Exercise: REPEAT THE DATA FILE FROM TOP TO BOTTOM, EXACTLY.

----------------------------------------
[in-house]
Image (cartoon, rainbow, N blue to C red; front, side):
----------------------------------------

[in-house]
Image (cartoon, rainbow, N blue to C red; front, side):